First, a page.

Tiff:
Now, speaking of distribution, are you available in all 50 states?

David:
We are we're as you know, as we've already visited about, you know, the rules and the laws and whatnot are different everywhere. And many of the states that are control states and run by the state are very, you know, their gatekeeper function is really high and it takes a while to get listed in those states. So we might only be available by special order in a handful of states, but due to the distribution network that Edrington has so masterfully put together, we, if you are standing in Key West Florida or Anchorage, uh, you can order a case of Wyoming whiskey and you'll be able to get it pretty short order.

Tiff:
And are you thinking at any point of exporting?

David:
Yes. We've had this discussion in our board meetings and in many levels and the lure of it is pardon the pun, intoxicating, because the thought of having Wyoming whiskey available in downtown London or in Singapore, or, you know, you pick your city that you find the most exotic and cool. It's amazing to think about that. And I think you're going to see it happening in London here before too long, seeding it in a couple of the right pubs and, and whatnot. But what Edrington taught us was don't get ahead of yourself. We got to make sure that we have enough whiskey in the pipeline so that once we establish these relationships in these different markets around the world, that we can continue to fulfil our obligations to them because nothing's worse than getting that momentum going and then falling flat on your face and having to say, you know what? We don't have enough to supply it so sorry, you don't get another bite at that apple. Yeah. So at this point, we're being very measured in our approach to international distribution. The only city that you'll see us in right now is the only country you'll see us in right now with any meaningful volume is going to be Mexico. We've released it in a couple of the resorts there and in Mexico City and the pickup has been amazing. So I think that thirst for our product is there. I know it's there. We've, we've had plenty of requests from a number of European countries, Australia, Taiwan, you name it, but it's going to be a very slow, measured and strategic rollout, once we have enough of it to supply it.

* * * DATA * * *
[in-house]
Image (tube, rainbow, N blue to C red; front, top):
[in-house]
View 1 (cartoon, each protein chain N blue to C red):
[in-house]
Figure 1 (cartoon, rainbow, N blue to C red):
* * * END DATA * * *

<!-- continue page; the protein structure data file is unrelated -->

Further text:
Tiff:
What do you want people to take away from their experience with Wyoming Whiskey?

David: